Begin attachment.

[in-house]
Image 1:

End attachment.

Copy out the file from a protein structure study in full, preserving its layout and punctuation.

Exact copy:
[in-house]
Image 1: